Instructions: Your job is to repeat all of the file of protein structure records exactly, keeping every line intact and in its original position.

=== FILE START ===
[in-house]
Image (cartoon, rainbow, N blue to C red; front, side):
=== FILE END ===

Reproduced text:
[in-house]
Image (cartoon, rainbow, N blue to C red; front, side):